Good morning and welcome to The Bulletin. In today’s edition: Kabul falls to the Taliban within a day, government won’t save Lower Hutt birthing centre, the delta variant keeps knocking at the border.
The west’s 20-year war in Afghanistan is over. After tens of thousands of casualties, a bill that is well over $1 trillion and two decades of effort, Afghanistan’s government evaporated Monday morning and the Taliban flag is flying over Kabul again. All that remains of the forever war is the capital’s international airport, now protected by hastily deployed American and British troops attempting to keep the runway open.
New Zealand has joined an international effort to mount a mass evacuation. Stuff reports that the government is deploying a military transport plane to the region to help evacuate hundreds from the fallen capital. At the top of the list are 53 New Zealanders in the country, as well as 37 local Afghans who helped the defence force during its years of fighting. More locals may be added in the coming days. The final list, including immediate family, could be in the hundreds.
This will be an incredibly difficult operation for the world’s governments. There was absolute chaos at the airport on Monday, according to live reporting from The Guardian. Thousands of people ran onto the runway, trying to board military cargo planes. As military transports landed, soldiers ran out of the planes to join troops on the ground, with civilians running in to take their seats. Airlines are no longer flying into the airport, which is now in the centre of a war zone.
New Zealand’s cabinet has approved one month of evacuation flights. However, air marshal Kevin Short conceded yesterday afternoon in a press conference that the “security situation” likely won’t last that long. The Taliban’s sweeping victory defied expectations that former president Ashraf Ghani’s government could hold on for months. Instead, Ghani fled the country the same day the Taliban surrounded the capital. Yesterday he was the country’s leader, now his Wikipedia entry says he was the president of a country that no longer exists.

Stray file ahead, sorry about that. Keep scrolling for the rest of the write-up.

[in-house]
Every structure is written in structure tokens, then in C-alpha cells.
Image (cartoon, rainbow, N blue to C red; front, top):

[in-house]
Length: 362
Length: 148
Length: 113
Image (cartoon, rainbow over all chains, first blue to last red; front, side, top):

Afghanistan’s collapse has spread fear through the country. George Driver spoke to an interpreter who worked for the defence force in Afghanistan for a decade. It’s a deeply personal story of people on the run, whose lives have been upended in a country that has been more-or-less at war since the 1970s. Stuff has a similar story about a 26-year-old refugee worried about her parents who are still in Afghanistan. More stories are sure to appear in the coming days.
What the west calls the war in Afghanistan started less than a month after the 9/11 terrorist attack. An initial military alliance, including the US, UK, NZ, Canada and Germany, quickly toppled a Taliban regime that had harboured terrorists. Most of the fighting was done by locals, freeing themselves from a fundamentalist government.
Over the past two decades, Afghanistan fell off the front page of the news. The fighting was serious, but often less so than a military misadventure in Iraq and Syria’s civil war. The end game started in 2014, when western countries started pulling troops out, shifting from fighting the Taliban to training local replacements. New Zealand’s last soldiers left in May of this year. The US was expected to leave at the end of this month, letting a 16-year-old Afghan government take over. That government, both corrupt and inept, collapsed before the last American troops could leave.
The most important words belong to an Afghan woman. She’s anonymous, because she can’t tell the world who she is anymore, though only days ago she was a reporter. She’s 22-years-old and on the run because she’ll likely be killed if she’s found. Her words tell the story of what’s happened and what’s to come: